Wine Drinking in Texas…
If you drive on Route 12 north of the city of Sonoma, California, look to the east and you’ll see Hamel Family Wines estate and vineyards against the backdrop of the west-facing slopes of the Mayacamas Mountains; the twisty, switchback-laden boundary between Sonoma and Napa Valleys. This location is known for its intensity of afternoon sunshine, periodically interrupted with fog brought by Ocean breezes, which gives the Hamel family their ability to make dark, fruit-laden Cabernet-based wines.
As its name implies, Hamel Family Wines is a family-owned and operated winery that expresses a quest for high-quality, terroir-driven wines made from grapes grown on their Sonoma Valley and Moon Mountain District estate vineyards. The good news today in Texas is… Hamel Family Wines will be more readily available to Texans through soon-coming distribution by Republic National Distributing Company (RNDC).
John Hamel, winery managing director for wine growing, described his family’s wines, saying “Our wines are made from grapes that come from four vineyards with a total of about 96 acres. They range from those high in the Mayacamas mountain district to those on the Sonoma Valley floor. The combination of this elevation difference, varying stony and clayey volcanic soils, and being only about 20 miles from the Pacific Ocean gives our vineyards wide-ranging terroirs that we can explore and showcase in our wines.”
Their recent focus has been to grow organically and biodynamically and now they are transitioning to dry farming, lessening the need for precious irrigation water. Dry farming is not easy, and some might consider it crazy and/or necessary in light of California’s current drought conditions. But, over recent years and into the future, John indicated that Hamel Wines is committed to reduce water usage where possible and balance crop loads to produce still further improvements to their serious, terroir-driven wines.
Hamel Family Wines, 2017 Isthmus, Sonoma Valley
It’s a ruby-colored red wine blend (71% Cabernet Sauvignon, 15% Merlot, 12% Cabernet Franc, 2% Petit Verdot) composed from grapes grown on both Hamel Family Ranch and Nuns Canyon Vineyards. It was fermented in a combination of stainless, French oak, and concrete tanks followed by aging in new and neutral French oak barrels and concrete tanks. As the name Isthmus implies, this wine adjoins mountain and valley floor terroir to produce ripe, round notes of red and black fruits, augmented by lively mint and cedar notes and spice.
Hamel Family Wines, 2016 Hamel Family Ranch Red Wine, Sonoma Valley
This wine is 100% Cabernet Sauvignon yet labeled as red wine to offer the winemaker year-to-year flexibility to vary the grape mix even if varying to less than the 75% required to be label designed Cabernet Sauvignon. This wine was fermented in concrete tanks and new French oak barrels, then aged in 100% new French oak barrels. It is the most immediately inviting (and fruitfully powerful) wine of the trio, with ripe black cherry characteristics that come with an easy attack, all-enveloping round and voluptuous mouthfeel, inherent fruit juiciness, and supple yet chewy tannins done in complete balance with the fruit. There’s lots of fruit, tannin, and alcohol in this big boy, yet somehow everything is in balance.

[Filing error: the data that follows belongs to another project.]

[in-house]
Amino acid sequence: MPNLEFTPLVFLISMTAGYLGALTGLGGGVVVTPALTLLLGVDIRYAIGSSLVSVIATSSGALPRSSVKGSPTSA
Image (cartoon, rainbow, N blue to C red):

Hamel Family Wines, 2016 Nuns Canyon Vineyard, Sonoma Country, Moon Mountain District
Again, this wine is 100% Cabernet Sauvignon – fermented in concrete and stainless-steel tanks, aged in new French oak barrels. If “powerful” is the one-word description for the previous wine, this wine can best be described by the word “structure. It focuses on intense blackberry fruit along with minerally and herbal notes gained from its stony mountain heritage. This wine begs marbled red meat now but will likely bottle age to where it will be a nuanced “in front of the fireplace” red sipper perhaps in a decade, or so.
John’s brother George, the managing director for sales and operations, spoke of the family’s winery that up to now has grown “organically”. I assume that he meant this in a business sense but, with a double meaning, this could equally refer to their organically grown grapes. George said, “What we are doing now is kicking off our wholesale business in states where we do the most direct-to-consumer business.” Of those states represented in this Zoom tasting were Florida, Texas, and California.
These powerful and well-structured Hamel Family wines will add something special and will be well applied to Texans’ penchant for meat, especially beef, lamb, and our even present game meats. These wines are full-bodied yet supple and rich with vertical or horizontal expanse, whichever you prefer. I’m looking forward to welcoming Hamel Family Wines into the Texas marketplace. Stay tuned for more on this subject as we expect these wines to arrive later this year.